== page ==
We are constantly aware of and informed about the ebbs and flows in the crude oil market, since the fluctuating prices of a barrel of oil seems to be reflected in the price at the pump almost instantly.

    We hear and think much less about coal mining, (mainly only when there is an accident and tragedy).  Since the predominant use of coal in the United States is used to supply electricity generation, we as consumers don't interact with the primary source of the energy at all.

    When we are out searching for an outlet for our iPhones no one I know of makes a kind of mental connection back to the coal mines in West Virginia or Wyoming.

    But the coal mines, or rather the coal miners of these states and others are the primary source of that electricity that we tap into every day.  Again from the EIA, when we look at the primary sources of energy in the US and how that energy is consumed, we see that 91% of the coal sourced in 2008 was used in the generation of electric power, making coal the largest primary source of electricity in the United States.

    Coal is not exciting, coal is not all that sexy.  Getting all jazzed up because you just got a new Prius and don't have to gas up as much is about as close as any of us will get to really impacting the use of primary energy sources.

    Although I have to believe it takes a heck of an amount of energy to manufacture all those Prius batteries, but that is another story.

    Today I am thinking about electricity, thinking about our never ending pursuit of more.  More gadgets, devices, ways to stay in touch, informed, connected 24x7.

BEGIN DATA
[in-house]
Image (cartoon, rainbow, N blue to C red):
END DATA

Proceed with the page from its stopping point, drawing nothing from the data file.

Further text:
We so casually talk about getting unplugged once in a while, or going 'off the grid'. But we think about that only in terms of how it affects us, we brag in a way about having such remarkable mental ability to go off line for a weekend or on a vacation like it is some kind of achievement. Look, I think it is important to put down the phones, laptops, iPads more often,  I need to do more of it myself, but when we do, stop being so proud about it.

    How about this, the next time you do 'unplug', think for a minute about all the costs associated with providing us this incredible abiltiy to interact, connect, create, and build things.  Everytime we send an email, write a blog post, send a tweet, download or upload a video (and on and on) we are tapping in to the efforts of many brave men and women who are willing to put themselves in danger to extract resources from deep underground. We all fall over ourselves in praise of designers from Apple, or creators of the next 'killer' app for Twitter, we should try to at least have the same respect and admiration for the miners as well.

    Saturday
    Apr102010

    The Story of Garrett Jones

    The Minnesota Twins have a well-deserved reputation as an organization that knows how to judge talent, to select, train, and consistently produce a steady stream of high quality players.  This organizational capability to find and develop so-called 'home-grown' talent is critical for a team like the Twins, who historically have had significantly lower salary budgets than many of their rivals like the Yankees and Red Sox.